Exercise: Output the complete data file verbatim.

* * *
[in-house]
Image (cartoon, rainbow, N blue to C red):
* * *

[in-house]
Image (cartoon, rainbow, N blue to C red):